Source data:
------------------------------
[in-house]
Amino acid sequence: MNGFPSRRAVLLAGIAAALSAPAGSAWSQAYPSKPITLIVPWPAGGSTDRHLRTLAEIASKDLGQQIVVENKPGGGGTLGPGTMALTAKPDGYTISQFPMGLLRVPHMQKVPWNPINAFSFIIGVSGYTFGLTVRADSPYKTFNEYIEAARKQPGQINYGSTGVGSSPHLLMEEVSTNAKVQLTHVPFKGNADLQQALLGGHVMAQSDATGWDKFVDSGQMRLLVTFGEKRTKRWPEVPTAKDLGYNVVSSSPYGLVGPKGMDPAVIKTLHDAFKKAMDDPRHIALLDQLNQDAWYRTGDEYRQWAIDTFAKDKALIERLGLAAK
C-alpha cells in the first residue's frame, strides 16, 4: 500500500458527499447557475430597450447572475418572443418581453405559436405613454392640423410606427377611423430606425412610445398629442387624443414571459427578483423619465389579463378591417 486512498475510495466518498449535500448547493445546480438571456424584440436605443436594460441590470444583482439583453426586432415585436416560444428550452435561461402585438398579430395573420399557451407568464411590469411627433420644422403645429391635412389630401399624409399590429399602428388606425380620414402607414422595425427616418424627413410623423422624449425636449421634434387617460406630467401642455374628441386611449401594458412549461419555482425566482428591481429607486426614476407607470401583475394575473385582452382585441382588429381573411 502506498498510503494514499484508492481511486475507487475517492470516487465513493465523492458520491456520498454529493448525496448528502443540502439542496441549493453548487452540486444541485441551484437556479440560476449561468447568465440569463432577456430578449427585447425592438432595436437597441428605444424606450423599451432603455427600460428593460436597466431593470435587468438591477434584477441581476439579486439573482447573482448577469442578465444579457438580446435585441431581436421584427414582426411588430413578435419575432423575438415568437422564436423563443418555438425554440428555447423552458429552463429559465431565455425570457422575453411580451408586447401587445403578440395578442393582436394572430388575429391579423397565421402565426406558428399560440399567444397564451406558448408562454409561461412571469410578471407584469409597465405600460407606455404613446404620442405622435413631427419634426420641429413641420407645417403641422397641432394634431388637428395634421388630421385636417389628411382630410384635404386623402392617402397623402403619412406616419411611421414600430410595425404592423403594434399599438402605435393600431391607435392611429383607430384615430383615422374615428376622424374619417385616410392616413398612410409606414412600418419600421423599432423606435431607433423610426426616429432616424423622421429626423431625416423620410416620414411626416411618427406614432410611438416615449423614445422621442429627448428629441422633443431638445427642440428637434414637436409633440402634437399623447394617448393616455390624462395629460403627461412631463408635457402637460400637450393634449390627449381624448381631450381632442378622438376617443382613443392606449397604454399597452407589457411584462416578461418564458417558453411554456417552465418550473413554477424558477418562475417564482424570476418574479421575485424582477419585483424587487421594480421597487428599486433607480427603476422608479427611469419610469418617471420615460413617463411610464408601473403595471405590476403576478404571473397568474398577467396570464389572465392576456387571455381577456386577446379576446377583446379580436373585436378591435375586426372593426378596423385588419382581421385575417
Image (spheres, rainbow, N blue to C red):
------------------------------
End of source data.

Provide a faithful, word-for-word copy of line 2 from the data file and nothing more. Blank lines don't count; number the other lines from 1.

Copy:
Amino acid sequence: MNGFPSRRAVLLAGIAAALSAPAGSAWSQAYPSKPITLIVPWPAGGSTDRHLRTLAEIASKDLGQQIVVENKPGGGGTLGPGTMALTAKPDGYTISQFPMGLLRVPHMQKVPWNPINAFSFIIGVSGYTFGLTVRADSPYKTFNEYIEAARKQPGQINYGSTGVGSSPHLLMEEVSTNAKVQLTHVPFKGNADLQQALLGGHVMAQSDATGWDKFVDSGQMRLLVTFGEKRTKRWPEVPTAKDLGYNVVSSSPYGLVGPKGMDPAVIKTLHDAFKKAMDDPRHIALLDQLNQDAWYRTGDEYRQWAIDTFAKDKALIERLGLAAK